Date posted: September 12, 2013
Dr. Lachin Hatemi
Centuries of colonization, slavery and diseases ravaged the sub-Saharan Africa. The entire continent was left with a desperate need for an educated and skilled workforce, which can transform the economy and improve the daily lives of Africans. Education is the key to such a transformation and ending poverty in Africa. What are we doing to educate the African youth?
Oprah Winfrey had some recent media coverage for her school for girls in South Africa (Oprah Winfrey Leadership Academy for Girls), where under-privileged girls can receive world-class education. Successful students from poor families are admitted after an intense application process in which Oprah is personally involved. Oprah visits her school in South Africa regularly to counsel and encourage her students. Some of these girls were able to get accepted into American universities with Oprah Winfrey’s support, which would not be possible otherwise.
This charitable activity from Oprah is very admirable, but she is hardly alone in her mission. A well-respected Turkish scholar, Mr. Fethullah Gulen, who currently resides in Pennsylvania, inspired legions of Turkish volunteers to establish schools in many Sub-Saharan African countries over the last two decades. These secular schools provide education from nursery school to high school with greater emphasis on math and science education. Many graduates of these schools can easily proceed to prestigious American and European universities for their future education.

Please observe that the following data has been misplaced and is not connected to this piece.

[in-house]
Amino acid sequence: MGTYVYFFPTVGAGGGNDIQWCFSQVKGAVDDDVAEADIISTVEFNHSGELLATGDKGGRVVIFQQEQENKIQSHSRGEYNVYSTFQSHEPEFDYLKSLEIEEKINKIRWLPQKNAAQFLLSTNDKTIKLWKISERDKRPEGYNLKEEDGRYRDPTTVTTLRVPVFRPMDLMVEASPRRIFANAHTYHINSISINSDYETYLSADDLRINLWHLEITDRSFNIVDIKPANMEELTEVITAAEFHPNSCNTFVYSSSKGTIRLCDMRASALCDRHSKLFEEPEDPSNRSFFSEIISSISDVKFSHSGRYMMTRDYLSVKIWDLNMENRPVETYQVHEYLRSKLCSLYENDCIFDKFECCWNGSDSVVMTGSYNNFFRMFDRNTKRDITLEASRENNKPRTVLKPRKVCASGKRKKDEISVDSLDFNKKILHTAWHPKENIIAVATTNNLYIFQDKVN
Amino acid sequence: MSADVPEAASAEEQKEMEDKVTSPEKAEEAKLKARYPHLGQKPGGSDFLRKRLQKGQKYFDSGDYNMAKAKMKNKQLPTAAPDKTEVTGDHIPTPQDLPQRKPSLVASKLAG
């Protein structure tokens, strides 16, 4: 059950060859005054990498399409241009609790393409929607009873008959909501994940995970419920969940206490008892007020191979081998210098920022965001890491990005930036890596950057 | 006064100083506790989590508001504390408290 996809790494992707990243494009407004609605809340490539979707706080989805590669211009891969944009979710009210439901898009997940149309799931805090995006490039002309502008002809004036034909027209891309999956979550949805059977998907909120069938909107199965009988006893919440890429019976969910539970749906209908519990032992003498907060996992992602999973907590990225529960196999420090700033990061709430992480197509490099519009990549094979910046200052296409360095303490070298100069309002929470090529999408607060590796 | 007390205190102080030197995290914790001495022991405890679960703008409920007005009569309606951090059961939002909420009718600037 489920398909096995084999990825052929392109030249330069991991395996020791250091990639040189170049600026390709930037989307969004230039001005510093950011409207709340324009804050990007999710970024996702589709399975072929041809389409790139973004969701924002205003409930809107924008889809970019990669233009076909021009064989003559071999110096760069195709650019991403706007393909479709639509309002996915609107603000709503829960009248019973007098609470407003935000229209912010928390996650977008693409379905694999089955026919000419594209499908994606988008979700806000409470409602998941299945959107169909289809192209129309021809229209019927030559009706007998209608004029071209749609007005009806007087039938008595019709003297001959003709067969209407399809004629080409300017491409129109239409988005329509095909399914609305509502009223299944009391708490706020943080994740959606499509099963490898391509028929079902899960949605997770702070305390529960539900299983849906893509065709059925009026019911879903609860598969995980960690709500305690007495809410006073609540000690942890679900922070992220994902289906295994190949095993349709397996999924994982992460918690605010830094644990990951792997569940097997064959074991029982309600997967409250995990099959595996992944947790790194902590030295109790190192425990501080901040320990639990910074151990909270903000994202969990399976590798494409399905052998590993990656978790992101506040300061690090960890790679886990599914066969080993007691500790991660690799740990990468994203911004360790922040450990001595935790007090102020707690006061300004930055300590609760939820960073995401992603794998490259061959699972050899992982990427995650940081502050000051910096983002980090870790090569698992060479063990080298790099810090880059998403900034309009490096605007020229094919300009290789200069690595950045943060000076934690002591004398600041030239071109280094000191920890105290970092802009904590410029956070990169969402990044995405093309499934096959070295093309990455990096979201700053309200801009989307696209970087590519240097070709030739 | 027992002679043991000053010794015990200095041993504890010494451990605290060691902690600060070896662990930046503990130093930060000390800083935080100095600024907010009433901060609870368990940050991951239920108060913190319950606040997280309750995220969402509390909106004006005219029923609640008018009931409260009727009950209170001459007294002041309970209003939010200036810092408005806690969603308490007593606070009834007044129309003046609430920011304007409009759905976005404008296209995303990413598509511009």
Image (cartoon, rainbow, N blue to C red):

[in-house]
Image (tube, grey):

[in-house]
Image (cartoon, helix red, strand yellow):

For starters, this movement, also called Hizmet, is a loosely connected group of individuals and NGO’s inspired by the ideas and ideals of Fethullah Gülen – a Turkish Muslim scholar and thinker. The movement’s activities span some 140 or so countries occupying an important place in the field of education, intercultural dialogue, healthcare, and relief activities. The major emphasis is a selfless approach to serving others and providing education to people in need.
Mr. Gulen’s movement signals the start of a new era of world-class secular education and self-empowerment in the poorest African countries. Many graduates of these schools proceed to become teachers in their alma maters. Gulen’s schools in Africa are the best antidote to the extremism and civil war which threatens the future of many African nations.
Other philanthropists should also follow the example of Oprah and Gulen by providing an education and a better future for the African youth and their integration into the global work force.
Lachin Hatemi is a physician located in Buffalo, New York. His interests include human rights, racial equality and interfaith dialogue. You can reach Dr. Hatemi at Lachinhatemi@gmail.com.
Source: Your Black World , September 2013